Poetic Justice: Filmmaking South Central Style by John SingletonIncludes a foreword by Spike Lee, the screenplay for the film Poetic Justice (starring Janet Jackson), poetry by Maya Angelou, and sixteen pages of photographs from the set
At twenty-four, John Singleton became the youngest filmmaker and only African American to ever be nominated for Best Director (and Best Screenplay) for Boyz N the Hood, his debut feature film. Only a year after receiving such sensational acclaim, Singleton returned to the Hood with Poetic Justice, a movie starring Janet Jackson and featuring the poetry of Maya Angelou.
In this vivid document of moviemaking, Premiere editor Veronica Chambers shadows Singleton from the early days of preproduction through the final editing, moving from the streets of South Central to Oakland to Big Sur and beyond. By recording the daily struggles and triumphs of the cast and crew, she captures the unique voice and vision of a singular American filmmaker.
In Boyz N the Hood, [John Singleton] was able to capture something very real, an element in black American life, maybe all of American life--the duality of our life, the ambiguity, the schizoid nature of our life. And that is that we are loving people who become destroyers; we are destructive people who become love. Quite often, we are portrayed as things with no redeeming qualities or Martin Luther Kings with no chicanery, no cruelty. John had the courage to give life to these falsehoods.--Maya Angelou
Full Cast & Crew
The film starred Tupac Shakur and Janet Jackson, who were then two of the biggest stars in America. When Poetic Justice was released, Tupac had, months earlier, put out his breakout sophomore album, Strictly 4 My NIGGAZ, and a year earlier had taken over the film Juice from a supporting role, and making the coming-of-age drama his. Jackson had, just months earlier, released her fifth studio abum, janet , which debuted at 1. The two were massive celebrities at a career zenith and they were feeling themselves. John Singleton was too, fresh off the massive success and historic Academy Award nomination of Boyz N Tha Hood , a celebrity director who Black audiences expected a lot from. They thought the world of themselves and it radiated out. The screen is full of young Black people filled with self-esteem and highly positive self-image.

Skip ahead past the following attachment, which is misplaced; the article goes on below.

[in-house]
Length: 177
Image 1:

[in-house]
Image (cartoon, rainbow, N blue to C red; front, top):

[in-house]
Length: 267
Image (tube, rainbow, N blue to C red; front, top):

Watch Pre-screening Introduction Live
Switch to the mobile version of this page. The Chicago Reader. Poetic Justice. Though it's not unlikable, John Singleton's second feature Boyz N the Hood was his first is an unholy mess in almost every respect. There's a line in the final credits saying that, for the purposes of copyright, Columbia Pictures is the author of this film, so maybe Columbia and not Singleton should be held accountable for the meandering and badly told if occasionally suggestive love story about a hairdresser-poet Janet Jackson and a postman Tupac Shakur from South Central LA who take a trip up to Oakland in a mail truck with another couple, bringing all their ghetto-bred problems with them.
After its release in the summer of , everything looked different, including its precursors. He infused familiar coming-of-age and gangster-movie tropes with a rare authenticity. See where to stream his best films. Partly because its earnest sentiments — its open-heartedness about creativity, love and loss — seemed most apt for mourning an artist who left too soon. The joke is that this is a movie-within-the-movie showing at a Los Angeles drive-in.
Sign in. Alex Borstein , RuPaul , and other stars at the Emmys answer our fans' burning questions. Watch now. Four inner-city teenagers get caught up in the pursuit of power and happiness, which they refer to as "the juice". Story of a promising high school basketball star and his relationships with two brothers, one a drug dealer and the other a former basketball star fallen on hard times and now employed as a security guard.